by Sara Ferrer Olivella the Resident Representative at UNDP Jordan


A few days after the end of 16 Days of Activism against Gender-Based Violence frenzy, it might be time to pause and reflect for a moment or two. What went well and what can we do better? Fighting injustice and gender inequality is an arduous mission that does not begin nor finish with 16 Days of Activism. It is a relentless march of removing blind spots and breaking barriers to challenge our own biases, our own stereotypes and comfort zones within our own family, community, friends and peers.

During the 16 Days, I witnessed enormous energy, commitment and inspiration from survivors and activists who shared their journeys of self-discovery and thriving against all odds. I also thank my team at UNDP who engaged local CBOs, media, INGOs and national partners with determination to push for multiple formats, audiences and the application of interactive tools during the 16 Days.

At the same time, it appears that with the exponential growth of events this year, 16 Days of Activism against GBV has turned into a race to the bottom in a deregulated market of 16 Days Zoom events. Most often, this manifests in an excessive number of 60 minutes events packed with an average of 20 main speakers, 10 guest speakers, five expert panelists, and a three minutes Q&A session for the presumed incapacitated audience — now more asleep than awake. For those humans on the other side of the screen who are still breathing when we reach the marginalized Q&A session gone 60 minutes overtime, it is not only exhausting; it is painful.

I do wonder whether the multitude battery of events and line-up of endless speakers with pre-cooked speeches in the virtual world have any impact in fighting violence in our societies. Mind you, we live in a world where one-in-three women will experience physical or sexual violence by those who are meant to respect and care for them. And this figure has remained constant despite our yearly campaign.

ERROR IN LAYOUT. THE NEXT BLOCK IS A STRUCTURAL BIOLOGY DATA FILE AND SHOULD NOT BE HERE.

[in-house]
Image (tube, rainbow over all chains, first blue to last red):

Despite the lack of impact, we do the same thing year in year out presumably expecting a different result. We ought to do much better. So let me share three lessons that I learnt from this year’s 16 Days of Activism campaign which can help us go beyond 16 Days:

First, it should not be about ‘ticking boxes’ with lots of speakers, unidirectional speeches and success measures by the number of participants logged into a virtual gathering. Our increased freedom to organize these events has negatively affected our ability to critically evaluate what’s relevant, what’s interesting, and what’s transformational. Organizing massive Zoom webinars with a click of a button comes with great responsibility and needs to be approach with a bit of humility. The alternative is Zoom-tivism, which means 16 Days in free fall without transformational change in sight.

Rather, it should be about having a meaningful dialogue and exchange on how each one of those who engage can take deliberate and bold action to fight gender-based violence from wherever one sits. It can be a giant leap or a baby step. The point is that we move in the right direction.

Second, we cannot afford any longer to talk among ourselves i.e. women only. I dare to say that in most of the events I joined, by and large women were the only participants. Importantly, most were urban women and part of group of the ‘usual suspects.’ We need to effectively engage men from all walks of life. We need their views and commitment towards positive masculinity.

And third, let us all brush up on our 101-campaigning class and the key ingredients of good campaigning: The best events have in common a clear purpose with a defined topic targeting a specific audience with the potential to trigger a spark to action.

To make it clear, 16 Days of Activism against GBV is an important campaign. Especially in times of Covid-19, it is more important than ever before. Collectively, we need to sharpen the pen and make sure that 16 Days of Activism against GBV is more than a box-ticking exercises which can lead to real changes globally as well as in Jordan.

So I am not asking anyone to stop campaigning. I am just asking everyone to try harder so we can truly unleash the transformational change during and beyond 16 Days of Activism against GBV.


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